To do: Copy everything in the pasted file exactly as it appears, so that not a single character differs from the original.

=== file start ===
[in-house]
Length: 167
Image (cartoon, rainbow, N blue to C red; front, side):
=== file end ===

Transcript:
[in-house]
Length: 167
Image (cartoon, rainbow, N blue to C red; front, side):